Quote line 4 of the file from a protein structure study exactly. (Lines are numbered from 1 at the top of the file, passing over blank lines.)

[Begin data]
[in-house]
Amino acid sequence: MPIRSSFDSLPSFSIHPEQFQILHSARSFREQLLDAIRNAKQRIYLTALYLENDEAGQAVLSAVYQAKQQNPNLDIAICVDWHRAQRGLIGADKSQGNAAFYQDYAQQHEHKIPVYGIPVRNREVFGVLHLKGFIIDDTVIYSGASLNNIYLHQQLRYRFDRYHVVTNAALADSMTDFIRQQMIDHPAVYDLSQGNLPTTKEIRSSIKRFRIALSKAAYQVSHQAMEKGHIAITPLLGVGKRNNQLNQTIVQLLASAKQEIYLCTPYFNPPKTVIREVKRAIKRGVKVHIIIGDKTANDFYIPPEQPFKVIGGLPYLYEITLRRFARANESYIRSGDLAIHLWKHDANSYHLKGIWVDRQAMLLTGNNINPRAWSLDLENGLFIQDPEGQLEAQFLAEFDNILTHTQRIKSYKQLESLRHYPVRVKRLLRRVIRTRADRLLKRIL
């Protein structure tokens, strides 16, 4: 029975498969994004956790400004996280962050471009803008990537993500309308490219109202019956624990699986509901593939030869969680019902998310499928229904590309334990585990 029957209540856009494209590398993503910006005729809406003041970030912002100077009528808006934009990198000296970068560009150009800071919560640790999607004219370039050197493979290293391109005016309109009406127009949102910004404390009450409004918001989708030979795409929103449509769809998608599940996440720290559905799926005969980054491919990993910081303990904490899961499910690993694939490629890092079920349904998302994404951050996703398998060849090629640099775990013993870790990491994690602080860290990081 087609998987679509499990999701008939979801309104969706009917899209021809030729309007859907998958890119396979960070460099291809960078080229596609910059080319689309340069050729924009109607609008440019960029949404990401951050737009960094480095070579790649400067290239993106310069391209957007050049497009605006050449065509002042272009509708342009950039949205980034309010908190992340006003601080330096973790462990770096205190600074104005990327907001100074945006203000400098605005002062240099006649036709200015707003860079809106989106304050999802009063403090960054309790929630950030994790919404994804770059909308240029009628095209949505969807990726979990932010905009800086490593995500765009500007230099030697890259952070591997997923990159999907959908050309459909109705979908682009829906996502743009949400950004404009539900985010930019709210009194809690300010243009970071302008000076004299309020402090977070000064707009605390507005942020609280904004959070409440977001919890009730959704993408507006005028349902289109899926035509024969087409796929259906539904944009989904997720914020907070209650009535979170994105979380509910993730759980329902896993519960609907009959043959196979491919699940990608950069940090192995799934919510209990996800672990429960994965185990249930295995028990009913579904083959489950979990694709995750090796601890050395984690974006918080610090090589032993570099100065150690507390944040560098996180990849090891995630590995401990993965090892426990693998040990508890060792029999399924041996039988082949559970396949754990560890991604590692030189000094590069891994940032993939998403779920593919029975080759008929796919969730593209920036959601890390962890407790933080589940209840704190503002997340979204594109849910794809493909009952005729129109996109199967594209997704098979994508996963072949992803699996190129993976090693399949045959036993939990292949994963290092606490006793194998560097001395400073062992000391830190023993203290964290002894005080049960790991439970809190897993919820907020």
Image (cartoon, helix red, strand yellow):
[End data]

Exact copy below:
Image (cartoon, helix red, strand yellow):